By choosing the programmed modes without making corrective adjustments for diverse lighting you are allowing the camera to make some critical creative choices for you.

Once you learn the theory of exposure and light you can use non manual modes effectively to produce creative photos

Pro Perspective

My first job ever, as a rookie photographer, was to take portraits of tourists at the top of Sunshine Village Ski Resort near Banff, Alberta. There I learned a valuable lesson from Roger Whitney. He taught me what many photographers never learn - that bright snow (and other, non mid tone grey scenes) will fool your camera's meter.

Since then, I almost always shoot in manual mode to ensure I get the correct exposure.

What do other photographers use to get correct exposures? I asked a few colleagues:

Ron DeVries:
I use manual exposure mode 99.8% of the time and I don't trust auto exposure mode, too many times it will make mistakes. Manual exposure gives more control, more accuracy with exposure, especially with flash on camera for balancing ambient with flash exposure.

I'm old school, graduated 1980, shot 4x5 and medium format for years with handheld ambient/flash meter.

Claude Brazeau:
I use manual when I need full control of exposure and when using a flash, especially off-camera flash. ex: Studio work, backlit situation, etc...

I use aperture priority when I'm in a moderately controlled situation and need to make adjustments fast. ex: Inside a church/house where the lighting is even..

I never use shutter priority since I'm a portraitist and my subjects don't move very fast :-)

There's no right or wrong on what setting you use, just the right setting for the situation.

Aaron MacKenzie Fraser
I've always shot in manual mode. I like the ability to have total control over my exposure and be able to adjust accordingly.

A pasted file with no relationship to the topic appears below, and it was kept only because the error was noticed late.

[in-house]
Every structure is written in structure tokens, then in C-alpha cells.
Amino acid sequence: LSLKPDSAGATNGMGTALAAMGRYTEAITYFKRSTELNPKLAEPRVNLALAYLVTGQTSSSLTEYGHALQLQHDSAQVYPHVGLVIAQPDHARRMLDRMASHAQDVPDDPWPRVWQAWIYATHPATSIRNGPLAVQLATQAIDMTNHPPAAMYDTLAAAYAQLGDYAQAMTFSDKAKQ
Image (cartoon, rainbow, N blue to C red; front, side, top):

Colin Rowe
Most of the time, I shoot on manual. I am usually modifying the light with external strobes, so I want consistent exposures with that. If I have to shoot an event, I am fully auto. If I am shooting snaps, or work that does not require external strobes, I am on automatic, though do use exposure compensation (ie makes corrections) a lot.

Christine Denis
I shoot in manual because I want complete control over what I capture with my camera. I make the decisions - not the camera - on what part of the image will be exposed correctly and what type of motion will be captured. The results are properly exposed images, with nice skin tones, and sharpness where I want it to be.

Shooting in manual also gives you the freedom to be as creative as your imagination will take you.


Learn the basics of exposure and practice in manual mode. As you become more experienced and learn how your camera works in different lighting conditions you can photograph more complex scenes and use auto settings with effective results if desired.

Final Frame

The dog and human played for the crowd and challenged our student's cameras. The photos shot in challenging mixed-lighting helped drive home the point of exposure and the importance of understanding the camera's interpretation of the scene.

Take time to learn the fundamentals.
You'll create better photos.
And have more fun!